But it is not. Mr Khan is widely seen as a stooge of the Pakistani army, the election rigged in his favour by the Generals. In Pakistan and abroad, his elevation was seen to be illegitimate, and instead of a promise of peace, it is seen as a portentous moment of conflict. Rather than being a moment of celebration of the breaki…

Don't blame it on the people

As much we would like to believe that there is no common global pattern, we love to indulge in grand theories when things go wrong. So, the world politics has changed since 2014, and we have come to see this 'challenge to the liberal order' as a 'populist revolt'. Books have appeared, lectures have been delivered and now pleas are being published - all on the premise that 'people', crying babies upset by globalisation and dislocation of life, are wrecking a carefully crafted global arrangement which prevented global war and brought prosperity. The anger and the disaffection, being created by fake news and manipulated by demagogues, would bring a global trade war, undermine the global institutions and create instabilities - that is the fear!
While some of the fear is indeed justified, this diagnosis is wrong. It is fashionable to blame it on the people when things go wrong: When Nazis came to power, it was the rowdy SA rather than highly respected German Junker…

The future of college isn't global

The future of college is a popular conference topic. The discussion usually starts with the obvious - that the college must change as the economy is changing - and revolves around a familiar complaint - that the state-funded colleges are too bureaucratic, too expensive and too slow to adapt to changing realities. And, in the end, comes the panacea, privatisation, and not too subtle discussions about global higher education as a multi-billion dollar business opportunity.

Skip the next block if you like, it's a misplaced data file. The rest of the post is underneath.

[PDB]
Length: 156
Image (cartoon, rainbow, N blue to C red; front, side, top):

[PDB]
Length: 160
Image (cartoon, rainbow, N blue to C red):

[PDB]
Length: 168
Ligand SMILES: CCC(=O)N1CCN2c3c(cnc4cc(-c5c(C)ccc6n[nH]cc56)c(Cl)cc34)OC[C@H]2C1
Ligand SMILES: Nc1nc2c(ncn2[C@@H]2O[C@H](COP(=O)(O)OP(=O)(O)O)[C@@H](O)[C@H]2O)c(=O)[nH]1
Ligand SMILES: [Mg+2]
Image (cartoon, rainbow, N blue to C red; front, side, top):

The problem with this narrative is that, first, private college education isn't that new - it is very much part of the problem rather than the solution - and, second, the pursuit of global college has so far been a graveyard of good intentions. Too many people, enthused by the conference speeches and reading the pumped up projections global consultancies churn out, have tried to create the culture-free non-regulated college-in-the-air, only to be rudely disappointed as the student millions fail to materialise. Tho…

Regulating foreign universities: 7 ideas for Indian policy-makers

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I wrote about the case for allowing foreign universities to be allowed to operate in India. In this connection, I mentioned the Foreign Higher Education Providers Bill, which has appeared in different names and versions since the 1990s before the Indian cabinet and parliament and never went anywhere. I argued that though the foreign providers have more or less given up on the Indian government providing a workable legal framework and settled for various expedient semi-legal arrangements with politically influential education barons, the jobs and skills crisis should force Indian policy-makers to rethink the approach. 
However, even if this conversation is reopened in the new parliament in 2019, simply passing the bill as it was proposed wouldn't get us anywhere, and this point is worth belabouring. Several reasons for this, including that the bill in its current form is unattractive for any foreign provider, and it is unlikely that anyone would prefer to operate within such a fra…